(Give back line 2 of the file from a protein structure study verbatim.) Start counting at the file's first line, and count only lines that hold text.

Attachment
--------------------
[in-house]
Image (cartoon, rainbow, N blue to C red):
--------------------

Image (cartoon, rainbow, N blue to C red):